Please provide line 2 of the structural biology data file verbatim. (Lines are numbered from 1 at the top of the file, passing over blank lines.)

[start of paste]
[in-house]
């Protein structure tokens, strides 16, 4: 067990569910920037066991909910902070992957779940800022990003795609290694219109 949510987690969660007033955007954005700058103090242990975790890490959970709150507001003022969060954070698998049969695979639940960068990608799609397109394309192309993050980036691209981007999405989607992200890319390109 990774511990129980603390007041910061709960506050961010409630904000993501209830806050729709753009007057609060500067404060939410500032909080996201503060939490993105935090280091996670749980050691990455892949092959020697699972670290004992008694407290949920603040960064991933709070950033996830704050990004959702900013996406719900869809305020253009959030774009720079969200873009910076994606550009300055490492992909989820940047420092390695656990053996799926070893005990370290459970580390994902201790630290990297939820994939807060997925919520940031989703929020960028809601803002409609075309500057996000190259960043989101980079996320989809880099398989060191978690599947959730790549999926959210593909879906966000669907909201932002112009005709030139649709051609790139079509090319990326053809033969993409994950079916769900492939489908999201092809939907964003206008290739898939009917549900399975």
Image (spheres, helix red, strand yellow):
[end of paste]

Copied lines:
């Protein structure tokens, strides 16, 4: 067990569910920037066991909910902070992957779940800022990003795609290694219109 949510987690969660007033955007954005700058103090242990975790890490959970709150507001003022969060954070698998049969695979639940960068990608799609397109394309192309993050980036691209981007999405989607992200890319390109 990774511990129980603390007041910061709960506050961010409630904000993501209830806050729709753009007057609060500067404060939410500032909080996201503060939490993105935090280091996670749980050691990455892949092959020697699972670290004992008694407290949920603040960064991933709070950033996830704050990004959702900013996406719900869809305020253009959030774009720079969200873009910076994606550009300055490492992909989820940047420092390695656990053996799926070893005990370290459970580390994902201790630290990297939820994939807060997925919520940031989703929020960028809601803002409609075309500057996000190259960043989101980079996320989809880099398989060191978690599947959730790549999926959210593909879906966000669907909201932002112009005709030139649709051609790139079509090319990326053809033969993409994950079916769900492939489908999201092809939907964003206008290739898939009917549900399975």